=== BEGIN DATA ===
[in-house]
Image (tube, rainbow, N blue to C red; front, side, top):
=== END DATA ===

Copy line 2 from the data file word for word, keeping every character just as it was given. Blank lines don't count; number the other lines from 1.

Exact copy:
Image (tube, rainbow, N blue to C red; front, side, top):